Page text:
Maybe someday his coach will applaud his performance with superlatives.
Maybe someday he’ll say “Jon Kitna played outstandingly today.”
Maybe someday, but not yet.
Kitna got his usual evaluation on Sunday.
“He played well today,” said Cincinnati Bengals coach Dick LeBeau.
Maybe that’s all you deserve when you complete 19 of 30 passes for 154 yards and one touchdown.
To the best of my memory, the highest praise Kitna ever got when he played for Seahawks coach Mike Holmgren was “he did fine.” Or “he was OK.” Or “he played well.”
Again, maybe that’s all he merited.
But just once, wouldn’t you like to hear the old coach get a little carried away and exclaim, “he gave a boffo performance?”
Jon Kitna is apparently, for now at least, an average quarterback who elicits average praise.
What the Bengals have done with him as their starting quarterback is way above average.
The team with the worst record in the NFL during the past 10 years, the Bengals, are off to a 2-0 start.
Last Sunday, they did the extraordinary. They beat the defending Super Bowl champion Baltimore Ravens, 21-10.
That just isn’t supposed to happen.
It happened – with Jon Kitna at quarterback.
The same Jon Kitna about whom one national magazine, in its preseason edition, wrote, “When Seahawks coach Mike Holmgren picked Matt Hasselbeck, Brock Huard and Trent Dilfer over Kitna this offseason, he knew what he was doing.”
That’s the same Trent Dilfer Seattle fans were chanting to replace Hasselbeck last Sunday when the Seahawks got trounced 27-3 by the Philadelphia Eagles.
In that same magazine article, one NFL scout offered this: “As usual, the Bengals spent a lot of money in free agency on players way past their prime. … Well, I’m not sure Kitna ever had a prime.”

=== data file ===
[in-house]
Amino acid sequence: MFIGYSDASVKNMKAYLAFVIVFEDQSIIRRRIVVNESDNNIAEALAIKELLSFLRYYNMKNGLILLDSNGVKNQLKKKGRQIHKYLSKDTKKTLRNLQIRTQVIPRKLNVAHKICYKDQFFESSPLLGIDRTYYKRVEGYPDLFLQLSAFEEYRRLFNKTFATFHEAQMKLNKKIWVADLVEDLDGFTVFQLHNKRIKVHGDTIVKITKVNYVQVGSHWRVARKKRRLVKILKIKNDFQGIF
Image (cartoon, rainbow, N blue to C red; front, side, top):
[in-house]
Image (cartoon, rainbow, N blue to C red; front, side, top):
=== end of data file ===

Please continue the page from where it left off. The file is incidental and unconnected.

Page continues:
But maybe, just maybe, he’s beginning to come into his prime.
It might be that all Kitna needed was a change of scenery. You never got the sense that Holmgren ever had that much confidence in him. Kitna must have sensed that, too. That no matter what he did, it was never going to be quite good enough to suit the coach.
Yet, Kitna holds no hard feelings toward his old mentor. If anything, he’s grateful for what he learned from him.
“I definitely believe I would not be as mature as I am had I not gone through the last two years (with Holmgren),” he said Tuesday from his home. “I’ve become more persevering. I have more character. I’ve grown as a man.”
To be truthful, Kitna wasn’t all that good last year. He threw more interceptions (19) than he did touchdowns (18). And he was the 23rd-rated quarterback in the NFL.
“When you throw interceptions, that’ll produce a breach in the trust between the coach and the player,” he conceded. “Along with that, it was a no-win situation. It had gotten to the point where … I just felt it was time to move on. I didn’t want to move out of state but now I see that it’s allowed us to grow closer as a family.”
In wins over New England and Baltimore this season, Kitna has passed for 358 yards and two touchdowns, but more importantly he has yet to throw an interception.
“The thing is, I just don’t feel like I’ve got to go out and do something dynamic,” he said. “If I go out and take the things the defense gives me, I’ll be fine.”